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September 2005 - Restoring Broken Trust: A Six Step Process

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John Kline, PhD, inspirational and motivational keynote and after-dinner speaker and corporate trainer.September 2005

Plagiarism

Plagiarism—passing off another’s words or ideas as one’s own—has always been a problem in universities. Lack of time, knowledge, or ability, and the desire for a good grade often tempt students to look for shortcuts. Computers make it easier for professors to both identify plagiarized work and trace its origin. But a few years ago a student unknowingly made it very easy when he handed me a paper on the subject of “public speaking.” I liked the way it began. Here were the first lines:

“Do you get nervous and fearful even thinking about the prospect of giving a speech or presentation? If so, you’re not alone. Speaking in front of a group is the greatest fear of most people. It ranks ahead of the fear of dying, riding in an airplane, or failure in other areas of life.”

“You may be unsure of your own speaking ability. But there is good news. You can be an effective speaker, the kind others admire—the kind who gets the job done in every speaking situation.”

I told him I liked the beginning of his paper. Then I asked, “Who wrote it?” He stammered and then finally admitted he copied it from the Internet. He reluctantly showed me where. He had copied it word for word. I explained this was a case of plagiarism even though no author was listed. Furthermore, I told him I knew the author and would prove it. I then handed him a copy of a training document I had written some years earlier—one widely distributed throughout the Air Force. Somebody had recently placed my words on the Internet, passing them off as their own.  My student had copied them and presented them to me as his own.  The opening lines of the document I had written were identical to the ones the student had quoted. The student was dumbfounded. (By the way, they are now the opening lines of my book, Speaking Effectively.)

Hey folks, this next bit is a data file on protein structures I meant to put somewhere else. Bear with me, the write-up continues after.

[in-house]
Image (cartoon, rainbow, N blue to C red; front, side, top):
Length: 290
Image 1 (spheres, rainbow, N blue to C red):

I showed mercy on the student. He learned a valuable lesson. I am sure he thought about it often as he wrote a new paper on a different subject. He has long since graduated, and sometime later wrote to thank me for both a valuable lesson and for the compassion I showed him.

He was fortunate. You might not be that fortunate. Don’t plagiarize. It is wrong, you may get caught, you won’t feel good about yourself, and the consequences might be severe.  

John Kline
Montgomery, Alabama
jkline@klinespeak.com

September 2005 - Restoring Broken Trust: A Six Step Process
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